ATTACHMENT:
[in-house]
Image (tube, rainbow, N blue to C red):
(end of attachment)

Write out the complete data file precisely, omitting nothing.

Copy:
[in-house]
Image (tube, rainbow, N blue to C red):